• It is important to pay attention to and deconstruct patters from non-work contexts. —> Then use that experience as an analogy to work-related contexts.
  • Any successful experiences when you solved a particular kind of problems can be applied to different situations.
  • Experiences can be strikingly different from actual work experiences. However the underlying cognitive mechanism to solve the problem is exactly the same. “Each non-work context provided executives with opportunities to learn framing, reframing, and meaning making in environments that were incomplete, unpredictable, uncontrollable, and demanding – precisely the kinds of environments in which they are charged to develop global business strategy.”
Metaphor, analogy, parable, fable, story
  • “For example, experiences in an orchestra rehearsal became a metaphor for the strategic problem of a global financial merger.” “When I lose myself – totally immersed in the orchestra rehearsal – that is when I am “living” my strategy problem about this new merger.” – Swiss financial investor
  • “Debate is war.” or “Debate is a dance.”
3 steps exercise metaphoric thinking
  1. DRAW A PICTURE —> Identify a metaphor that works for the strategy.
  2. DESCRIBE YOUR PROBLEM METAPHORICALLY —> TELL A STORY —> Recognizing how their strategic issue is “like” the one described in the metaphor.
  3. REFLECT —> Pay attention to differences between your metaphor and real life. Play with different scenarios. “How do the factors and players in the metaphor react or respond?” Pay attention to positions, players and outcomes.—> Think about the problem metaphorically.
Further reading:
  • 👨‍🏫 George Lakoff, Mark Johnson, Howard Gardner, Daniel Ariely, Daniel Kahneman, Philip Tetlock
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  • Critical reflective processes play a key role in learning (according to learning theorist Jack Mezirow).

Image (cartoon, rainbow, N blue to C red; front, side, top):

• “Critical reflection is one of the essential abilities for transforming experience into learning, and it is utilized in all three stages of the informal learning process.”
  • Simply: “looking back on an action or experience.”
  • Role of reflection: validation of prior learning; justification of out beliefs.
  • “Critical reflection assists in the ability to question presuppositions, routines, and patterns.”
  • “Critically assessing the content, process and premises of our effort to interpret and give meaning to our experiences.”
  1. Content reflection —> content or the description of a problem
  2. Process reflection —> question the problem itself
  3. Premise reflection —> look at the belief systems or meaning schemes on which the problem is founded
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FRAMING (the basics)
  • Categories, patterns of data. Frames are ways of organizing the unlimited complexity of the world.
  • A frame is a belief schema —> a particular perspective a way of seeing the world.
  • Frames are boxes. We put every information on earth into these boxes (preconceptions). Boxes have labels. When we encounter a new information we put the new stimuli into a box with the right label.
  • Frames are more powerful than facts. If a fact does not fit the frame the frame will stay and the information bounces off, labelled as irrational or stupid (according to George Lakoff).
  • Frames are like sunglasses. We all have sunglasses with various colours. We see the world in a different colour through every different glass. Similarly we see the world very differently on the light of our different past experiences, assumptions, interpretations, opinions, beliefs, judgements and stereotypes.
Example of framing a strategic issue:
Sample problem: childhood obesity in the most industrially developed countries.
  • An executive: may frame it as a market potential for new lines of food and clothing.
  • An educator: may frame it as a problem of learning deficits and behavioral disorders.
  • A psychologist: may frame it as a long-term development issue.